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Mastering the Maelstrom

YOB are a stoner/doom/sludge metal band from Eugene, Oregon. Led by founder and guitarist-vocalist Mike Scheidt, the band have been releasing full-length albums since 2002. YOB are practitioners of the long-form—none of their proper studio albums contain more than six songs, yet the shortest clocks in at about 49 minutes. This tradition continues on Clearing the Path to Ascend—a 62-minute, four-song journey into massive realms of yearning, weariness, pain, elation, rage and reconciliation. Read more…

By David Sano Posted in High Fidelity, Reviews

Basement Jaxx- Junto

August 27th, 2014
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A Reason To Dance

A musical entity doesn’t exist for twenty years by mistake. Basement Jaxx’s latest release, Junto, is an affirmation of the British duo’s staying power in the dance music world. Junto samples and is influenced by traditional dance music with roots all around the world, and it incorporates Basement Jaxx’s revolutionary sound. Read more…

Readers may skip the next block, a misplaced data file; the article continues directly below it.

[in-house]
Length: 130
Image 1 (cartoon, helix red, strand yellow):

By Patrick Leone Posted in High Fidelity, Reviews

Jenny Hval and Susanna – Meshes of Voice

August 23rd, 2014
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A Journey into the Surreal

The very appropriately titled Meshes of Voice brings together two rather different Norwegian artists, Jenny Hval and Susanna Wallumrød, on an album ensnared in the influences of surrealism and mythology, like the neo-gothic modernist architecture of Antoni Gaudí and Maya Deren’s 1943 film Meshes of the Afternoon. Written for 2009’s Ladyfest, a global music and arts festival for women and feminist artists, Meshes of Voice expertly combines Hval and Wallumrød’s talents in an uncanny, phantasmagorical journey into the psyche. Read more…